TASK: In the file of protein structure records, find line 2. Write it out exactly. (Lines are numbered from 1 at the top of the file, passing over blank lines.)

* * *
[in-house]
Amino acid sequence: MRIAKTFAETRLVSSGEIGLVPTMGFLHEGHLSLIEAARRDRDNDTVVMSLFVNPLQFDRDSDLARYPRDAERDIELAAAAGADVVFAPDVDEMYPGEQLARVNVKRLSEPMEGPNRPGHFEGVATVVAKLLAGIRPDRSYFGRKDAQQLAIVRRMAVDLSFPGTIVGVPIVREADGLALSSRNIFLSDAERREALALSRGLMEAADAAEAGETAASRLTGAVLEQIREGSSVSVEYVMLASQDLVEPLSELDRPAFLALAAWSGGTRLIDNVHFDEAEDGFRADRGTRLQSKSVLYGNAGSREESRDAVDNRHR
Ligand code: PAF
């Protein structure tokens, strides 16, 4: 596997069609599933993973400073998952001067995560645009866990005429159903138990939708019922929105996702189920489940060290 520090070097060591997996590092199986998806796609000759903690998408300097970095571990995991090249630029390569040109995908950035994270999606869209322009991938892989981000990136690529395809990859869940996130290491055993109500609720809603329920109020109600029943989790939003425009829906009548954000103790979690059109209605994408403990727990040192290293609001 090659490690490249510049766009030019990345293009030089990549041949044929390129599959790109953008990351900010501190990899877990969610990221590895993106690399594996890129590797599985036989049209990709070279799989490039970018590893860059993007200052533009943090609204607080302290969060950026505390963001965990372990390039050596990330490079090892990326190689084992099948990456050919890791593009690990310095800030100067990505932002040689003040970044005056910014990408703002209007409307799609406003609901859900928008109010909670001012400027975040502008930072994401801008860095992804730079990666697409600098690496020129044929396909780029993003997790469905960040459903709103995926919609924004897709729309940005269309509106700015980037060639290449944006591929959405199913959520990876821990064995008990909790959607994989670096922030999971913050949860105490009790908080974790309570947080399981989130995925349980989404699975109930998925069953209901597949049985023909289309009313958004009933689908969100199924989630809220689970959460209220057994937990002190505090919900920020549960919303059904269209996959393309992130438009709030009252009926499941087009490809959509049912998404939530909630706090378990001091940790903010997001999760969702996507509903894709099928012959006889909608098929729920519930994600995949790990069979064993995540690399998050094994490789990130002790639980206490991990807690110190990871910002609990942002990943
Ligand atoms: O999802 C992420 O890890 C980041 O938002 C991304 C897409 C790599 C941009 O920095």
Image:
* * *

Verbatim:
Amino acid sequence: MRIAKTFAETRLVSSGEIGLVPTMGFLHEGHLSLIEAARRDRDNDTVVMSLFVNPLQFDRDSDLARYPRDAERDIELAAAAGADVVFAPDVDEMYPGEQLARVNVKRLSEPMEGPNRPGHFEGVATVVAKLLAGIRPDRSYFGRKDAQQLAIVRRMAVDLSFPGTIVGVPIVREADGLALSSRNIFLSDAERREALALSRGLMEAADAAEAGETAASRLTGAVLEQIREGSSVSVEYVMLASQDLVEPLSELDRPAFLALAAWSGGTRLIDNVHFDEAEDGFRADRGTRLQSKSVLYGNAGSREESRDAVDNRHR